Oliver Emberton gave a very interesting and informative answer on How can I figure out what I really want to do with my life after college?. He writes: "Time to grow up and give yourself a better childhood". I fully agree. The other answers in this Quora thread are also very good and have helped me progress in finding answers.
Chasing the Übermensch
We strive to meet societal ideals. Oliver Stolle hits the nail on the head in his article War’s das schon? in Neon Magazine. The ideal image of a thirty-year-old. He's experienced a lot, lived a lot, has everything under control, an interesting job, plenty of time for friends, a good-looking partner, and of course, a child. But as Stolle writes, it remains an ideal. An Übermensch, unattainable. Comparisons always fall short.
Maybe we should chase ourselves rather than an Übermensch, and create our own life. In today's society, except for a few exceptions, it's not possible to realize such a mix.
Many people eventually settle into a defined life. A steady partner, their own apartment. They slide into societal mediocrity. Working weekdays, tired in the evenings, with only weekends and a partner demanding time as the main social interaction.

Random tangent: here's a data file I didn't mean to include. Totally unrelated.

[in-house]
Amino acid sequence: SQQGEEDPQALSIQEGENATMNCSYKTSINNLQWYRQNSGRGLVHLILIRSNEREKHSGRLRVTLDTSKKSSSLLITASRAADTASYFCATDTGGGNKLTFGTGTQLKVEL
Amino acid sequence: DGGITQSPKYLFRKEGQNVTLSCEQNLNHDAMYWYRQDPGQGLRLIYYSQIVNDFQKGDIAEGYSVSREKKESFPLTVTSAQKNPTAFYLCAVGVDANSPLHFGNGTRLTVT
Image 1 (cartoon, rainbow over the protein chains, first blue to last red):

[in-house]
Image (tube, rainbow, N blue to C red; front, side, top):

But it can be different. Even though many questions remain open, I've already decided I don't ever want to lead such a lifestyle.
The Red Thread
A good friend once said something very wise to me:
You are the red thread in your life. Imagine your life as a timeline, a red thread. The only person who is consistently there from beginning to end is you. Not even your parents, your friends will accompany you from start to finish.
All the people we interact with are only a section in our lives. This might be a large part, but it doesn't have to be. What matters is what we do. What we want. Even if it seems a bit egocentric.
I don't know if a conclusion can be formed for all my questions. Like many, I'm in an identity crisis. I ask myself a lot. Think about what I want to do with my life. But perhaps this is more a long process that one must go through. And this can and should be encouraged and pushed forward. Life is too short to live only in the subjunctive. Because only what we actually do counts.
Through all these questions, I might be making it more complicated than it really is. I just need to dare. Change. Move forward. Embrace new opportunities. Not procrastinate. I am young. We are young. Let's live life!